This decision of the Supreme Court has since been circularized through the issuance of Revenue Memorandum Circular (RMC) 48-2011. BIR employees engaged in audit and review of similar cases have been enjoined to assess deficiency documentary stamp tax on such transactions, if so warranted.

The Court of Tax Appeals found it proper as well to apply the Filinvest doctrine in a number of subsequent cases. Recently, the said court found a taxpayer liable for documentary stamp taxes on intercompany advances established merely by the notes appearing in the taxpayer’s audited financial statements. Particularly, the Court of Tax Appeals reiterated that documentary stamp taxes are actually excise taxes imposed on transactions rather than documents. The court mentioned that these taxes may be imposed even in the absence of debt instruments, as long as the taxable transactions are clearly established. Thus, documentary stamp taxes may be imposed on intercompany advances on the basis merely of notes appearing in the relevant audited financial statements.

The court also found in the said case that the interpretation of the Supreme Court in Filinvest is effective as of the date that the relevant law was passed. This law was identified to be Republic Act 7660, which was enacted on Dec. 23, 1994. While there have been amendments to the said law, the provision imposing documentary stamp taxes on loan agreements have been retained. Thus, the said provision and its corresponding interpretation have been in effect since its enactment in Dec. 23, 1994. The doctrine on prospectivity of laws cannot be invoked considering that there is no previous Supreme Court ruling or doctrine to be overturned and replaced.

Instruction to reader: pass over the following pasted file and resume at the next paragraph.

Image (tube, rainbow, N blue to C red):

Notably, the taxpayers in the abovementioned cases relied upon previous rulings of the BIR which stated that documentary stamp taxes may not be imposed upon intercompany advances covered merely by intercompany memos. These rulings are in direct contrast with what the BIR itself in the above assessments enunciated. However, since the High Court has already spoken, its word on the matter must be upheld. Whether the abovementioned BIR rulings will one day become doctrine is difficult to say at this point. For now, what taxpayers should remember is that in so as far as documentary stamp taxes are concerned, Shakespeare’s famous rhetoric must be answered in the negative - there is not much in a name, after all. Notwithstanding its denomination, documentary stamp taxes are not literal taxes on documents. It is the substance, nature, and character of the transaction that must define and determine the corresponding imposition.

Ana Margarita Mortel is a supervisor from the Tax Group of KPMG R.G. Manabat & Co. (KPMG RGM&Co.), the Philippine member firm of KPMG International. KPMG RGM&Co. has been recognized as a Tier 1 tax practice, Tier 1 transfer pricing practice, Tier 1 leading tax transactional firm and the 2016 National Transfer Pricing Firm of the Year in the Philippines by the International Tax Review.

This article is for general information purposes only and should not be considered as professional advice to a specific issue or entity.

The views and opinions expressed herein are those of the author and do not necessarily represent the views and opinions of KPMG International or KPMG RGM&Co. For comments or inquiries, please email ph-inquiry@kpmg.com or rgmanabat@kpmg.com.